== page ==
This did not stop us from renting a scooter to tour the island on our own. BTW, Tracey loves the freedom of having me drive while she is free to sit on the back and take lots of pictures and direct me on where she wants us to go. Tracey and I liken ourselves to travelers and not tourists. This means we try to find out where the locals eat and the places they go and we try to avoid the standard ‘tourist traps’. Renting a scooter allowed us to go where we wanted and spend as much or as little time at a particular place as we chose. Note: Getting off the beaten path in St. Kitts on occasion meant following trails & roads that were less than ideal for a scooter (and I use that term ‘roads’ loosely as at one time I’m almost sure it was a paved road but the potholes/canyons on the south part of the island rival anything we have in Jersey). However, this afforded us access to places that the typical tourist just doesn’t get to see. There are several former sugar-cane plantations on St. Kitts that have been restored and now serve as inns/restaurants. The lush vegetation on these plantations and the entire island in general was breathtaking.
Speaking of which, the Brimestone Hill Fortress is a must see, to tourist and traveler alike. Started about 1690 and sitting about 1000 feet above the sea, overlooking Sandy Point Town, the fortress is the largest such structure in the eastern Caribbean and is listed on the UNESCO site of historic places. While we were there, the clouds started rolling in from the east over the mountain. Not only was it amazingly beautiful but a full rainbow formed, an auspicious sign of things to come (see additional pictures on Facebook).
Let me backtrack just a little here and tell you about the scooter rental. ‘Ride St. Kitts’ has two flags flying outside, the flag of St. Kitts & Nevis and the Canadian Maple-leaf. Turns out the owner is a Canadian who transplanted to St. Kitts about 10 years ago. Tim and the gang were not only knowledgeable but very friendly. Tracey & I hit it off with them from the get-go! Tim gave us a detailed run-down on all the places to visit, as well as the best beach-bar on the island, the Shipwreck! And when he discovered what foodies we were and my love of goat meat, he told me to order the ‘Goat Water’, a caribbean stew that wasn’t on the menu, but just ask for it. Needless to say, less than 24 hours after returning from St. Kitts, I pulled a leg of goat out from our freezer (yes, among other delicacies we have goat in our house) and tried my hand at making ‘Goat Water’!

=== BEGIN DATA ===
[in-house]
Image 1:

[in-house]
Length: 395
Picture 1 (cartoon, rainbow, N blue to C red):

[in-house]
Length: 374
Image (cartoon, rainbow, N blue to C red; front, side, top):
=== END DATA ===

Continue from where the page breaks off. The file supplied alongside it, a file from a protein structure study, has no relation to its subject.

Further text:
Shipwrecks was a classic locals bar that didn’t seem to mind the occasional traveler. The menu was not large, there was no electricity (just a generator out back to power the kitchen) and the floor was sand. Everything you could want in a beach bar! The food was great, the island -brewed beer cold and the sea-breeze enticing! Tracey absolutely loved the fish tacos and I had my first, but definitely not last, Guinness Foreign Extra, a nice stout beer (ABV 7.3%) brewed right on St. Kitts by Carib brewers. All in all, an incredible start to what would be a wonderful but all too short vacation.